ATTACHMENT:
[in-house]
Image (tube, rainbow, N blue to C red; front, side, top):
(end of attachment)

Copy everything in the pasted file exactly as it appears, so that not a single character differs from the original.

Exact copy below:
[in-house]
Image (tube, rainbow, N blue to C red; front, side, top):